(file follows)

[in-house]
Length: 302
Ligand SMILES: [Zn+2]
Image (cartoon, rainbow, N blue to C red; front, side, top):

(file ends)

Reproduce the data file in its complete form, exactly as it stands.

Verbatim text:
[in-house]
Length: 302
Ligand SMILES: [Zn+2]
Image (cartoon, rainbow, N blue to C red; front, side, top):